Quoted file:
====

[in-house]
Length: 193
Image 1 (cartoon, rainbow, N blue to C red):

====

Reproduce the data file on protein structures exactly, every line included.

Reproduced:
[in-house]
Length: 193
Image 1 (cartoon, rainbow, N blue to C red):